During a recent presentation I made to a business association, I was asked what I thought about “corporate social responsibility” and its importance to businesses.
I believe that corporate social responsibility is too often regarded by businesses as an “add-on”, instead of an integrated part of the way they do business. Instead of viewing CSR merely as an outreach or charity donation by people at work (frequently seen as making people feel a bit better about their work, or helping the community to feel better about that business), look at how you can BE socially responsible through your corporate business.
In the wake of BP’s disastrous oil spill (and the death of workers) in the Gulf of Mexico in 2010, no amount of donating to charities for their CSR could compensate for their inability to promptly contain the disaster and for their CEO’s apparent inability to demonstrate actionable sympathy for the victims and the local environment. It simply wouldn’t make an impact on the business, the people, or the public to be sponsoring homeless shelters. (BP actually has laudable statements about their support of human rights and their impact on local communities.) However, if actions and risk policies and procedures had consistently demonstrated sufficient care about the impact of their work, they potentially could have had much better containment and would have been able to reduce the amount of environmental and social impact of the Deepwater Horizon drilling explosion.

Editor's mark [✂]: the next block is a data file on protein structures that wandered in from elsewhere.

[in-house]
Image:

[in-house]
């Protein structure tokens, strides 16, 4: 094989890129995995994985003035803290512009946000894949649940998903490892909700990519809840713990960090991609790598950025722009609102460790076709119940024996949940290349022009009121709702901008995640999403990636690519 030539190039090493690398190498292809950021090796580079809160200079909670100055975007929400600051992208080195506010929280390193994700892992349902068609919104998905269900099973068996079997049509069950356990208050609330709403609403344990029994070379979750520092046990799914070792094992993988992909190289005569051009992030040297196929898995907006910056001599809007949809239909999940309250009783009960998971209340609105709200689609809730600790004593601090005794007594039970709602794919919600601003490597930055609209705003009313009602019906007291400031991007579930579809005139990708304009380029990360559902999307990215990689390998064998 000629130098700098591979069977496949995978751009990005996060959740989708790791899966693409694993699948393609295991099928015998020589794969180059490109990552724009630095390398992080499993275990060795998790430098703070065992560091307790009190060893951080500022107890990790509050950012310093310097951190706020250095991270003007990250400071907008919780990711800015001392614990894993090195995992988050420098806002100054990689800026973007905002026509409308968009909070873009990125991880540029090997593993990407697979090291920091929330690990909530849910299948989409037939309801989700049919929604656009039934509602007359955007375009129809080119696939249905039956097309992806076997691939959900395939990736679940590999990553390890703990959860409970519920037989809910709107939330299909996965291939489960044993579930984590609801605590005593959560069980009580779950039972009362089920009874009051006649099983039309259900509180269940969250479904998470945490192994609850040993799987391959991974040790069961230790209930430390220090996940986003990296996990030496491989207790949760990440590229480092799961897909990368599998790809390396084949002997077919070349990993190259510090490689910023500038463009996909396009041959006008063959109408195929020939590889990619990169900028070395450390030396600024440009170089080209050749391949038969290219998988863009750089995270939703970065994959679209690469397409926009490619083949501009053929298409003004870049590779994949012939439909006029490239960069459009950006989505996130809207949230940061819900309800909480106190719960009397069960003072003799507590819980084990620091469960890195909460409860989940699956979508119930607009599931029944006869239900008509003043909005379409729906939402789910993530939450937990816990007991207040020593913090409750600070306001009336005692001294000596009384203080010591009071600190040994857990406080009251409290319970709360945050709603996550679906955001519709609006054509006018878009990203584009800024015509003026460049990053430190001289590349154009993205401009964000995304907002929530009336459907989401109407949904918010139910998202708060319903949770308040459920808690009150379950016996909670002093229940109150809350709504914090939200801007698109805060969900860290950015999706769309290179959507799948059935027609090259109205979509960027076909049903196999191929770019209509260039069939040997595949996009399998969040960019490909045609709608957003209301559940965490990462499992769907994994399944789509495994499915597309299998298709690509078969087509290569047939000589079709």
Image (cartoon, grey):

If you think historically about the very nature of business, then you realise that businesses were by and large founded as community ventures – they were part of their local community, partnered with locals and were by nature invested in what happened in the local community. Multinational companies frequently play havoc with that model, as it is easier to escape local consequences. It is also one of the reasons that MNCs often try to project a beneficent flavour into their local presence. (The East India company helped precipitate the American Revolution by undercutting local Boston tea merchants. Would the US exist if the East India Co had had a robust CSR arm?)
Most people don’t go into business in order to fleece people and rip off the local population. They go into business to achieve something meaningful and valuable, increase their standard of living and provide for the future. Unfortunately, this gets lost too often in the daily cut and thrust.
Laure Bassi, CEO of McBassi & Co., is a US economist who has been studying the impact of human capital on market value of publicly listed companies for quite some time. She recently published a book titled Good Company: Business Success in the Worthiness Era. In it, she demonstrates that companies are generally higher performers that:
- Are rated high in the management of their people,
- Provide value and service to their clients, and
- Demonstrate stewardship of their environment and resources – using their “core capabilities” to consistently benefit the community.
I see these, more simply, as demonstrating an external focus. Be concerned about how your actions, policies, remuneration, use of resources, etc. affect your people, clients and community and you will be working towards creating greater value all round.